JAPAN | ‘World Peace 7’ calls for nuclear-free Japan

Posted on July 11, 2011

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JAPAN | MAINICHI | 11 July 2011

Members of the “Committee of Seven for World Peace Appeal” issued fresh calls for an end to nuclear power plants in Japan and abroad on July 11, the four-month anniversary of the Great East Japan Earthquake and tsunami and subsequent crisis at the Fukushima No. 1 Nuclear Power Plant.

The appeal titled “A farewell to Nuclear Power Plants” by the group, also known as World Peace 7, called for promoting renewable natural energy and strengthening the International Atomic Energy Agency’s role to ensure the safety of nuclear power plants.

Four months after the outbreak of the nuclear crisis, the committee said at the Foreign Correspondents’ Club of Japan (FCCJ), “The nuclear fuel continues to be over-heated and cannot be controlled and stabilized” and “the highly polluted water used as coolant is still unmanageable.”

Physicist Michiji Komura, professor emeritus at Keio University and Musashi Institute of Technology, speaking on behalf of the group as its secretary general said, “Japan has not worked hard enough” to promote sustainable and renewable sources of energy as compared to Europe.

He criticized the government of Prime Minister Naoto Kan for being inconsistent in its policy statements by advocating the promotion of renewable energy on one hand and proposing the restart of idled nuclear reactors at the Genkai Nuclear Power Plant in Saga Prefecture on the other.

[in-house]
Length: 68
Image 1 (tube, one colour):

Novelist and poet Takashi Tsujii, also known as businessman Seiji Tsutsumi of the Seibu group, said local government leaders in disaster-hit regions are demonstrating great abilities to deal with the disaster. He also said an overwhelming majority of Japanese are against nuclear energy, and that the quake, tsunami and the current nuclear crisis will provide Japan with a chance to fulfill its responsibility to create a new nation.

Inspired by the Bertrand Russel-Albert Einstein Manifesto following a 1954 hydrogen bomb test at the Bikini Atoll, the committee was established in 1955. Nobel laureates Hideki Yukawa, Shinichiro Tomonaga and Yasunari Kawabata served as members of the group. Among recent members were 2002 Nobel Laureate in physics Masatoshi Koshiba and novelist Hisashi Inoue.

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